Understandably, there is much fear and anxiety suffered due to the terrible Coronavirus spreading across the globe. The threat is real and you should respect all safety precautions. However, the fear and anxiety can be controlled if not fully eradicated.
Here is an easy breathing exercise to help you through this time of fear and anxiety. First, it is okay to be anxious. I was, and still am at times, but I managed to deal with it using techniques from my many years as a psychotherapist.
Feelings of fear and anxiety can sometimes be lifesaving. They are nature’s way of alerting us to act physically and mentally to real and perceived threats. However, we can use techniques to overcome the fear, feel calm, and still act in a way appropriate to the threat – in this case the virus that is impacting our lives in so many ways.
You, your partner, family and friends can start using these techniques today. kids especially love it. Practice with them, and watch them reap the benefits.
Ideally, you should practice when lying down, but even by sitting in a comfortable place you can achieve beneficial results. Use the floor, bed, or couch. Once settled and relaxed, rest your hands lightly over your belly – or ‘six-pack’ for those with more lean and muscular physiques. Your hands will serve as a check as to whether you have taken the full breath correctly.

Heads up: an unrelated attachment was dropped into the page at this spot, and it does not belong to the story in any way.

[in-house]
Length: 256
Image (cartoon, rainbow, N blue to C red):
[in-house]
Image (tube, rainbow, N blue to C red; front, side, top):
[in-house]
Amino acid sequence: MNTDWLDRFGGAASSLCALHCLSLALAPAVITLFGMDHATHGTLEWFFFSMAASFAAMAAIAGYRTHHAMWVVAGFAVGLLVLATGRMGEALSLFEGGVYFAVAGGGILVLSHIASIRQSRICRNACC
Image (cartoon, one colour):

Many people have got into the habit of breathing air into the upper chest then unconsciously tightening the chest muscles. Wrong! Just like these exclamation marks, this heightens anxiety!
Instead, breathe deeply through your nostrils, not your mouth, and take the breath through your chest and as if down into your belly. On the full breath (see diagram below) you will feel your belly rise beneath your hands. Gently push your hands up. You will feel the sides of your bottom ribs expand. This will prove to you have made the full correct breath.
Next, gently breathe out from the belly up. Don’t collapse your chest; just allow the breath to come up from your belly, up into the chest, along the throat, and out through your nostrils. Repeat, but never strain.
This form of breathing is calming and works wonders for your mind and body. You may have to practice a few times, but you will benefit greatly once you’ve mastered it.
Do this gently. Do not hold your breath or strain. People with respiratory problems or hypertension should be particularly careful. Also, do not try this whilst standing since the relaxation may lead to a fall.
This style of breathing will come naturally with a little practice and help lower and control your blood pressure. The rewards of correct breathing are remarkable, and can reduce anxiety, aid digestion and bowel movement, and sometimes improve memory function.
I hope you find this simple breathing exercise useful. Over the coming weeks, I will post more professional advice on how to cope with the stress of this troubling time. If you want to find out more about me and my work, then visit the Katy Walters Website. Please keep yourself safe.